Availability of Reformative Education Programmes for Prisoners in North West Nigeria


Dr. Suleiman Ismaila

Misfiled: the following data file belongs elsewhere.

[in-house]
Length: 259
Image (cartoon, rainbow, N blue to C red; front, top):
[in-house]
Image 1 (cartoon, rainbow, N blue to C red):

The study investigated the availability of reformative education programs for prisoners in northwest Nigeria. A descriptive survey was the adopted research design. The target population comprised the stakeholders (prison inmates, prison officials, lawyers, and human rights activists) from four states (Kaduna, Katsina, Jigawa, and Kano) northwest Nigeria. A total of 13 prisons, 1338 respondents (1068 inmates; 200 prison officials; 50 lawyers; and 20 human rights activists) were selected using multi-stage sampling. Four questionnaires designed by the researcher were used for data collection dedicating one questionnaire to each of the stakeholders. The validity of the instruments was ascertained using content and construct validity. The calculated value of Cronbach Alpha was 0.87. The data collected from the study were analyzed using descriptive statistics. The hypotheses were tested using chi-square. The findings of the study revealed that out of the five indicators of prisoners' reformative education, only one was available, that is, religious education. However, the other four, facilities, personnel, and reading materials; educational continuity and motivation; remedial and adult education, and vocational education were unavailable. The study recommended that prisons should be equipped with modern facilities for valuable reformative education. There should be training and retraining of prison personnel, and a well-stocked library with current and updated materials containing textbooks, periodicals and computers be provided in all prisons for the use of both inmates and prison officials, among others.



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